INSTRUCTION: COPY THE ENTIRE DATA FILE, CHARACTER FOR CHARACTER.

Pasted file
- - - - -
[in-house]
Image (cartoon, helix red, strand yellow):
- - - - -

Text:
[in-house]
Image (cartoon, helix red, strand yellow):